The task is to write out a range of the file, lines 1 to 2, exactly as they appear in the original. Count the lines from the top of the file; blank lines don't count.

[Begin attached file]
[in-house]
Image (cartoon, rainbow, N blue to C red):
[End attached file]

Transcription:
[in-house]
Image (cartoon, rainbow, N blue to C red):